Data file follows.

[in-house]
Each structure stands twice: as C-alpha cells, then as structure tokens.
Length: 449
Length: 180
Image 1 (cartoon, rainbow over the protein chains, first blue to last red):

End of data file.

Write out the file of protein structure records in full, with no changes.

[in-house]
Each structure stands twice: as C-alpha cells, then as structure tokens.
Length: 449
Length: 180
Image 1 (cartoon, rainbow over the protein chains, first blue to last red):